Marcel Gomes

Brazilian journalist Marcel Gomes is one of the seven winners of the 2024 Goldman Environmental Prize.

(Photo: Goldman Environmental Prize)

Seven 'Incredible' Earth Defenders Honored With Goldman Environmental Prize

One winner said the award "signifies an international recognition that we are facing a new stage in humanity," one in which "human beings understand they are part of nature."

Activists who blocked fossil fuel development, protected vulnerable ecosystems, and helped enact clean air regulations are among the seven winners of this year's prestigious Goldman Environmental Prize.

The San Francisco-based Goldman Environmental Foundation announced Monday that the winners of the 35th annual Goldman Prize—which some call the "Green Nobels"—are:

  • Marcel Gomes, Brazil: Gomes, a journalist , worked with colleagues at Repórter Brasil to coordinate "a complex, international campaign that directly linked beef from JBS, the world's largest meatpacking company, to illegal deforestation in Brazil's most threatened ecosystems."
  • Murrawah Maroochy Johnson, Australia: Maroochy Johnson, a Wirdi woman from the Birri Gubba Nation, "blocked development of the Waratah coal mine," a "carbon bomb" that "would have accelerated climate change in Queensland, destroyed the nearly 20,000-acre Bimblebox Nature Refuge, added 1.58 billion tons of CO2 to the atmosphere over its lifetime, and threatened Indigenous rights and culture."
  • Alok Shukla, India: Shukla "led a successful community campaign that saved 445,000 acres of biodiversity-rich forests from 21 planned coal mines in the central Indian state of Chhattisgarh."
  • Andrea Vidaurre, United States: Vidaurre's "grassroots leadership persuaded the California Air Resources Board to adopt, in the spring of 2023, two historic transportation regulations that significantly limit trucking and rail emissions."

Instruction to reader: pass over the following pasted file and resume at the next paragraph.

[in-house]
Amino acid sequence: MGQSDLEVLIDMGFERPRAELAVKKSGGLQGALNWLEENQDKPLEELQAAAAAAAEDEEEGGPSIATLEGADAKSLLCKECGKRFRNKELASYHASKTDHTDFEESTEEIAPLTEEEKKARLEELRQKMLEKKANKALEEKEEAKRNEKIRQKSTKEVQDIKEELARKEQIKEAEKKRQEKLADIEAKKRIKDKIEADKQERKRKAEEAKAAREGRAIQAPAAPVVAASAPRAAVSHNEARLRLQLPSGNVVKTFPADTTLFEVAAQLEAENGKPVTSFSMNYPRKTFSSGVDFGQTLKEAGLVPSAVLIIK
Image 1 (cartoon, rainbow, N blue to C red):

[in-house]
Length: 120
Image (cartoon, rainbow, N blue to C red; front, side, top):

• Sinegugu Zukulu and Nonhle Mbuthuma, South Africa: Zukulu and Mbuthuma "stopped destructive seismic testing for oil and gas off South Africa's Eastern Cape" by "asserting the rights of the local community to protect their marine environment," safeguarding "migratory whales, dolphins, and other wildlife from the harmful effects of seismic testing."
  • Teresa Vicente, Spain: Vicente "led a historic, grassroots campaign to save the Mar Menor ecosystem—Europe's largest saltwater lagoon—from collapse, resulting in the passage of a new law in September 2022 granting the lagoon unique legal rights."
Michael Sutton, executive director of the Goldman Environmental Foundation, described the winners to The Associated Press as "an incredible group of individuals laboring, sometimes in obscurity, against overwhelming odds to prevail against governments, against industry."

Goldman Prize winners receive a $200,000 award and can apply for additional grants to fund their work.

Reacting to his win, Gomes said: "This award recognizes the impact that journalism can have to protect the environment and ultimately improve people's lives.Repórter Brasil was able to track the Brazilian meat chain from the farm to supermarkets abroad, which companies said was not possible to do."

Vicente told the AP that the prize "signifies an international recognition that we are facing a new stage in humanity," one in which "human beings understand they are part of nature."

Shukla toldThe New York Times that he hopes his award will inspire frontline communities around the world.

"There is a way," he said, "that local communities can actually resist even the most powerful corporations using just their resolve and peaceful, democratic means."

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